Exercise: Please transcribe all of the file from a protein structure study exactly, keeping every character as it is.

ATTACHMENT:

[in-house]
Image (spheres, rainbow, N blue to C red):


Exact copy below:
[in-house]
Image (spheres, rainbow, N blue to C red):